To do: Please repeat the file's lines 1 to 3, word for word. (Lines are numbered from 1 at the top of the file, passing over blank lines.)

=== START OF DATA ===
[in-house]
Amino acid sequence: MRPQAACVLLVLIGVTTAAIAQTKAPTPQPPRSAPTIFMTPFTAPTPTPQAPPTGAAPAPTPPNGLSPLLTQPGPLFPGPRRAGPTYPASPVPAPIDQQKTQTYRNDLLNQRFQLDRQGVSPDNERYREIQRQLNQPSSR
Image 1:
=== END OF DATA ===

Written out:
[in-house]
Amino acid sequence: MRPQAACVLLVLIGVTTAAIAQTKAPTPQPPRSAPTIFMTPFTAPTPTPQAPPTGAAPAPTPPNGLSPLLTQPGPLFPGPRRAGPTYPASPVPAPIDQQKTQTYRNDLLNQRFQLDRQGVSPDNERYREIQRQLNQPSSR
Image 1: